How to apply

The following documents are required for the SBA to reach a loan decision:

  • Business Loan Application (SBA Form 5) completed and signed by business applicant.
  • IRS Form 8821/4506-T completed and signed by applicant business, each principal owning 20 percent or more of the applicant business, each general partner or managing member, and for any owner who has a 50 percent or more ownership in an affiliate business. (Affiliates include, but are not limited to, business parents, subsidiaries, and/or businesses with common ownership or management.)
  • Complete copies, including all schedules, of the most recent federal income tax returns for the applicant business and affiliates, or an explanation if not available.
  • Personal Financial Statement (SBA Form 413 may be used) completed, signed and dated by the applicant (if a sole proprietorship), each principal owning 20 percent or more of the applicant business and each general partner or managing member.
  • Schedule of liabilities listing all fixed debts (SBA Form 2202 may be used). (For applicant company and each affiliate.
  • Complete copies, including all schedules, of the most recent federal income tax returns for each principal owning 20 percent or more of the applicant business, each general partner or managing member, and each affiliate. (An affiliate is described as any company that anyone owns 20 percent or greater of applicant company also owns 20 percent or greater in another company)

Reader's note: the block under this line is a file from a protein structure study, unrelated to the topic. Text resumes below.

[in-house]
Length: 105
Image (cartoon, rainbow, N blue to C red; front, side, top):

• If the most recent federal income tax return has not been filed (2019), a year-end profit and loss statement and balance sheet for that tax year for 2019 should be included for applicant company and each affiliate.
  • A current year-to-date profit and loss statement.
  • SBA Form 1368 providing monthly sales figures.

There is no cost associated with applying for an EIDL, nor is there an obligation to take the loan if the SBA approves the application. An applicant has six months to provide new information and submit a written request for reconsideration in the event a loan request is denied. Applicants are encouraged to submit their applications electronically using the SBA’s website.

The SBA generally responds to a loan application within two to three weeks, although response times are expected to be longer due to the number of loan applications resulting from the pandemic.

Proposed legislation

In addition to the EIDL program, Congress is considering a number of bills that would impact the disaster loan program and other federal programs, including the SBA 7(a) program that offers loans by third-party lenders to eligible businesses.

Among the proposals included in Senate Bill 3548, the Coronavirus Aid, Relief, and Economic Security Act or "CARES Act" includes proposals to expand the SBA 7(a) loan program to address growing needs of certain businesses, to be funded with $300 billion of new appropriations.

The CARES Act has passed in the Senate and, at the time of this writing, was expected to pass in the House in the next few days. The CARES Act is expected to make a portion of an SBA 7(a) loan equal to certain costs of maintaining payroll eligible for forgiveness, subject to limitations. It is also expected that the CARES Act may be limited to businesses with fewer than 500 employees even if the business does not otherwise meet the SBA’s traditional definition of a “small” business.

Congress is also considering appropriating funds for Small Business Interruption Loans, which would be used to fund payroll for a period of time, subject to limitations and restrictions.

If you have questions about the federal government programs available to mitigate the impact of the COVID-19 pandemic on your business, please contact Carson Maricle or visit Greensfelder’s COVID-19 resources page at